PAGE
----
The reporter’s privilege and South Dakota

Now that Judge Vince Foley has recognized a Republican blogger as a journalist in the “robocall” criminal trial , there’s plenty in the news and the blogosphere about South Dakota not having “shield laws.” Such laws protect journalists from unilaterally being required to divulge their confidential sources. While South Dakota has no such law, the South Dakota Supreme Court has recognized a reporter has a “qualified privilege” against revealing confidential sources in civil cases and a U.S. Supreme Court decision suggests the same exists in criminal cases.

As noted, Judge Foley’s ruling came in a criminal trial. Thus, while the South Dakota decision — a case of mine — is not directly applicable, it is worth considering the five factors trial courts must weigh in deciding if the privilege attaches in a particular case. First, the court must look to whether the reporter is a party to the case. If so, that weighs in favor of disclosure but it is not alone determinative. The second and third factors are the journalist’s biggest friends: the information sought “must go to the heart of the lawsuit” and the party seeking it “must exhaust all alternative methods of getting the information.” Then, in “matters of great public importance,” confidential informants should be protected if they “fear exposure and retaliation if they reveal criminal and unethical conduct to the public.” The last factor is a limited one, likely to apply only in defamation cases, such as the one I was handling. In it, the plaintiff must show the statement at issue is false. (FWIW, the Supreme Court with the trial court ruling that my client did not have to disclose her sources.)

Things are a bit grayer in the criminal context. In Branzburg v. Hayes, a 1972 decision, a majority of the U.S. Supreme Court said a reporter did not have a First Amendment right to refuse to obey a grand jury subpoena. But it appears that conclusion is limited to the specific facts of that case/ These include the fact this was a grand jury subpoena and grand juries are always confidential. Yet Justice Lewis F. Powell departed a bit from the other four in the majority, saying in a a concurring opinion saying the ruling was “limited.” He indicated any future asserted claim of privilege “should be judged on its facts by the striking of a proper balance between freedom of the press and the obligation of all citizens to give relevant testimony with respect to criminal conduct.”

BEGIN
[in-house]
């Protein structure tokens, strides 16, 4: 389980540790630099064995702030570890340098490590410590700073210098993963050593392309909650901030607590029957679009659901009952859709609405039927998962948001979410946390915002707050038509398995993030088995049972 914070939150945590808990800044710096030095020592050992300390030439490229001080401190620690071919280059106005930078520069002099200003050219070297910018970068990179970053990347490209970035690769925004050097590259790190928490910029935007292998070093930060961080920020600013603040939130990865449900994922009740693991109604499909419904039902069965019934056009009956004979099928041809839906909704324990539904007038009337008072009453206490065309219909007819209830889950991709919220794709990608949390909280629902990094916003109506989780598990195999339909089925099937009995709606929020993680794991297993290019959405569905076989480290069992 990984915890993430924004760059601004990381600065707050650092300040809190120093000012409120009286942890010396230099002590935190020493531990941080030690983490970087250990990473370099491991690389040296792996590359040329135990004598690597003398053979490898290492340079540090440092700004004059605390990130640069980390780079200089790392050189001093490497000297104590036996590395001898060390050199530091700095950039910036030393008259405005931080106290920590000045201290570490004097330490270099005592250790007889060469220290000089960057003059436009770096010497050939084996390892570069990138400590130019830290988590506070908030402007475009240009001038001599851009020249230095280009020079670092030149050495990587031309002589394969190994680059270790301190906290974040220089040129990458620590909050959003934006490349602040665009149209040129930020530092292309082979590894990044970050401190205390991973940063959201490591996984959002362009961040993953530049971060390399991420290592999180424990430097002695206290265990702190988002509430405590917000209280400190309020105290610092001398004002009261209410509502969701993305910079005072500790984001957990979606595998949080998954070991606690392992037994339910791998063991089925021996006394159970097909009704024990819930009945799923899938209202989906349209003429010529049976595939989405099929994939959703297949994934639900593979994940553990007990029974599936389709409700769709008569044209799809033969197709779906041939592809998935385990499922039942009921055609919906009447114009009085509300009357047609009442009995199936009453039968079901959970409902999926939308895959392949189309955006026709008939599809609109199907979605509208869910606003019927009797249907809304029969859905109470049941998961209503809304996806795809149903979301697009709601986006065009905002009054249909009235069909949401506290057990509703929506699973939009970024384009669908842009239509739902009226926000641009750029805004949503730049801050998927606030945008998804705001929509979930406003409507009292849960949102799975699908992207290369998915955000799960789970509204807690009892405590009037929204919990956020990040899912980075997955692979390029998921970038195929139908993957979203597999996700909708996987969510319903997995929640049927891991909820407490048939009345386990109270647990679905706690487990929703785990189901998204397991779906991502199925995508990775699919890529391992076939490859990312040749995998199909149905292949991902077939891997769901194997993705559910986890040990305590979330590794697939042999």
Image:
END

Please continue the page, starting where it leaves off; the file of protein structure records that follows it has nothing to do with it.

This is significant because Justice Potter Stewart issued a dissenting opinion in which he was joined by Justices William Brennan and Thurgood Marshall. They concluded that if a grand jury subpoena were issued to a journalist, “the government must (1) show that there is probable cause to believe that the newsman has information that is clearly relevant to a specific probable violation of law; (2) demonstrate that the information sought cannot be obtained by alternative means less destructive of First Amendment rights; and (3) demonstrate a compelling and overriding interest in the information.” With Justice William O. Douglas dissenting completely from the majority opinion, most courts subsequently recognized that Branzburg essentially recognizes a qualified reporter’s privilege.

Given the lack of direct South Dakota law on subpoenas to journalists in criminal trials, Judge Foley is somewhat on his own in assessing what testimony will be permitted. It is significant, though, that he is going to hear the evidence outside the presence of the jury, evidently to decide whether and to what extent it should be admitted into evidence.

The fact there is law out there on a reporter’s privilege doesn’t mean the state shouldn’t consider adopting a shield law. After all, 40 states and the District of Columbia have shield laws, including states where, like South Dakota, a privilege has been recognized judicially. I’ll leave for others the debate on whether bloggers are “journalists” in this or other situations.

It is obvious that informants are necessary to the news-gathering process as we know it today. If it is to perform its constitutional mission, the press must do far more than merely print public statements or publish prepared handouts.

Justice Potter Stewart, Branzburg v. Hayes (dissenting)

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